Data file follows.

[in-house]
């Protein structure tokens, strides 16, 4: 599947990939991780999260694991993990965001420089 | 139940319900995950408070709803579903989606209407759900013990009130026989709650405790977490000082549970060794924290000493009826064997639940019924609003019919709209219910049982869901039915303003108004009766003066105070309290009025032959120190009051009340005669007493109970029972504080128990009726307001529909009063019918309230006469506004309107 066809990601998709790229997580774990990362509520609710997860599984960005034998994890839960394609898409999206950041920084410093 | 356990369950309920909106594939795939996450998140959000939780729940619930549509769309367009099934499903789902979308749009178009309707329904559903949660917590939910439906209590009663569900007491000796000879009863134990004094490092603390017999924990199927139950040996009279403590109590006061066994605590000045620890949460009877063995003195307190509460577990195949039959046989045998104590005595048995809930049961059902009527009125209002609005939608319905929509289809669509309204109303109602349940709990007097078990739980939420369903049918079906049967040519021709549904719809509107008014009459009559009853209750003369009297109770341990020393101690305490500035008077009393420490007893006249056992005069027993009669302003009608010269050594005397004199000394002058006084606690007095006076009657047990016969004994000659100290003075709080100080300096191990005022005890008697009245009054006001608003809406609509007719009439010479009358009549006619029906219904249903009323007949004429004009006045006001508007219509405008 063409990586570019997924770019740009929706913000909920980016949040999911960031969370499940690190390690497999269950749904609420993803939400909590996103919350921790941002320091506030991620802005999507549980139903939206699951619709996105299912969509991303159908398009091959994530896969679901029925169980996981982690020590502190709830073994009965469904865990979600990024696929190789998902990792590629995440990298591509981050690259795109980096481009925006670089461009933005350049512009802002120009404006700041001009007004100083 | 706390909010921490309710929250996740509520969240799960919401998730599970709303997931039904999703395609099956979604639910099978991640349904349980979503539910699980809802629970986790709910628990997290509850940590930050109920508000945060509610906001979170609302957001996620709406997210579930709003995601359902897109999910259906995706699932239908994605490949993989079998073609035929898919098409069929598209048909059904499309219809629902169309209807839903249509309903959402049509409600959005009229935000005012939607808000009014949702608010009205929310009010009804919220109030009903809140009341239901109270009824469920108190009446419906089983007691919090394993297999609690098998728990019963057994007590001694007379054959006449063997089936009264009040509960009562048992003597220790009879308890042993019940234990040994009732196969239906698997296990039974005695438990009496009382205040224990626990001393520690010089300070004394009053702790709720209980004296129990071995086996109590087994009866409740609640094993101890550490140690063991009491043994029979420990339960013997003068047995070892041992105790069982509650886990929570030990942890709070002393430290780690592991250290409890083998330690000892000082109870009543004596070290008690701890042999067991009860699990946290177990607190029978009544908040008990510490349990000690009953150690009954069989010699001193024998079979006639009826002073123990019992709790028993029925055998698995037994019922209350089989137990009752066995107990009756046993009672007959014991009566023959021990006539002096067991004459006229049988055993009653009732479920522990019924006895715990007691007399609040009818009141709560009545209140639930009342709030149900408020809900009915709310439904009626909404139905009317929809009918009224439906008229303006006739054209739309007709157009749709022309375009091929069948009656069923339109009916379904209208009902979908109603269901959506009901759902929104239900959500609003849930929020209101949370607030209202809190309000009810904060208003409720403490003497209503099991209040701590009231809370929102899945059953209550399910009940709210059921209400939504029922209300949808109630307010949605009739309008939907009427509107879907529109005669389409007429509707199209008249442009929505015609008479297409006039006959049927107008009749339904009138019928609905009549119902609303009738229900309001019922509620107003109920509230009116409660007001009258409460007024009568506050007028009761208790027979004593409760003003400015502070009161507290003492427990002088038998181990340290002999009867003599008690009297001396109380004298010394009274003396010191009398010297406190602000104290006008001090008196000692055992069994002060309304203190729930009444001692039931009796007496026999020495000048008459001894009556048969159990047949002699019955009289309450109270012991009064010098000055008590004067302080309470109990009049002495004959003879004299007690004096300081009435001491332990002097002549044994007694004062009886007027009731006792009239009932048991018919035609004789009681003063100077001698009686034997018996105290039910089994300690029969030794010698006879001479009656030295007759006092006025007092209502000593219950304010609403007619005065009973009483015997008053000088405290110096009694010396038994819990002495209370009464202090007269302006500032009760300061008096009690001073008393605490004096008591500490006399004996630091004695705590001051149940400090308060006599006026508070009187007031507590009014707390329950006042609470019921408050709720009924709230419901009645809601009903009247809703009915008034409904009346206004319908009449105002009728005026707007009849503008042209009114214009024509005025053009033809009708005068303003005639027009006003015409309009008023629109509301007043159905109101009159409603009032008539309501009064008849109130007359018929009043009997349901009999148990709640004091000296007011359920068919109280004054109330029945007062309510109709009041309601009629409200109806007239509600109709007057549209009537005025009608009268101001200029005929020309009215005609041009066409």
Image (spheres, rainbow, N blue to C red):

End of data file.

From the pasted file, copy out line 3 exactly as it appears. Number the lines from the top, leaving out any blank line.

Image (spheres, rainbow, N blue to C red):